Venezuela's economy sputters -- but Chavez still rides high
By TIM JOHNSON
August 26, 1999
CARACAS -- In one of the most remarkable paradoxes in Latin American politics today, President Hugo Chavez remains highly popular even as the economy tumbles into dramatic recession.
Economic activity is at a near standstill. Joblessness hovers at record levels. Already this year, some 800 companies have declared bankruptcy.
But even as the economy sputters, the charismatic former army paratrooper has so profoundly shaken up Venezuela that many of his nation's 24 million people feel they can await economic recovery until a top-to-bottom political reform produces results. A Datanalisis opinion survey earlier this month gave Chavez 74 percent approval levels a full six months after taking office.
The support for Chavez underscores the contempt many Venezuelans hold for a moribund two-party political system that has squandered billions of dollars in oil wealth since military dictatorship gave way to democracy four decades ago.
''We have to give him a chance,'' said Erasmo Rodriguez, a 64-year-old carpenter in Valencia, 100 miles west of Caracas. ''If we gave the traditional parties 40 years, we can't give him just one year.''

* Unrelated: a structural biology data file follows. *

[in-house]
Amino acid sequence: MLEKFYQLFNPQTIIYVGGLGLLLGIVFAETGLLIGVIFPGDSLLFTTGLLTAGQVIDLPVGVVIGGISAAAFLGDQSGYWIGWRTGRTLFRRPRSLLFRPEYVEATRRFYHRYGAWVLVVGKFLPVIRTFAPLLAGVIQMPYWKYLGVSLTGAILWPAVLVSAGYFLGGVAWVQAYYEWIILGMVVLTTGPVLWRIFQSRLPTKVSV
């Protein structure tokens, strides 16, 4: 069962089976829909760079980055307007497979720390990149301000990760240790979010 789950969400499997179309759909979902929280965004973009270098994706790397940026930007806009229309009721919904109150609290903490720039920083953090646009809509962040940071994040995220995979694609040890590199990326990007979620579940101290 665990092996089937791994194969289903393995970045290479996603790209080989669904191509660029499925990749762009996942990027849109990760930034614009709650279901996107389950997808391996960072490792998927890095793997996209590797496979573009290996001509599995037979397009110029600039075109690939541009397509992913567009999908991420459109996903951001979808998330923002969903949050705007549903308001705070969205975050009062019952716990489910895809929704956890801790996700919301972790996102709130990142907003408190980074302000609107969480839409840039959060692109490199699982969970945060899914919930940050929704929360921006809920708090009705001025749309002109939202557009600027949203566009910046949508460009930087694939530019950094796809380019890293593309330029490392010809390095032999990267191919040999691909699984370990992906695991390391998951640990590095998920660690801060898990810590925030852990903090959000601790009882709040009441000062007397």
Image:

''This is something new in the democratic experience in Latin America,'' said Luis Vicente Leon, one of the chiefs of Datanalisis.
A forced respite
How long poor people may support Chavez without significant economic recovery is yet to be seen. But for now, the nation has entered a forced respite as a 131-seat Constituent Assembly draws up a new constitution. Chavez supporters control the Assembly and vow to overturn Venezuela's judicial and political systems, provoking deep distress in the business community as it awaits new rules.
The Assembly began its work Aug. 3 and legally has six months to draft a new charter, but Chavez has asked for the job to be done in three months.
Declaring itself all-powerful, the Assembly has simply rolled over opponents such as the Congress and the courts.
Supreme Court President Cecilia Sosa quit her post this week, saying the autonomy of the judicial branch had been violated by the Assembly's move to sack as many as 2,000 judges and court workers.
And on Wednesday, the Assembly declared legislative emergency. The move takes away Congress' right to pass laws and limits its duties to a narrow range of activities such as budget oversight.
Congressional leaders said they would cut short a legislative recess and reconvene on Friday to discuss the threats to the legislature's existence. But Assembly president Luis Miquilena said the panel would not permit the opposition-controlled Congress to convene.
Oil markets are giving Chavez a breather as his supporters overhaul the political system. Since Chavez took office Feb. 2, crude prices have nearly doubled, from $9 a barrel to roughly $18 today.
Even so, Venezuela, the world's third largest oil exporter, is mired in deep recession. Analysts forecast that 1999 economic activity will shrink at least 6 percent, and maybe more.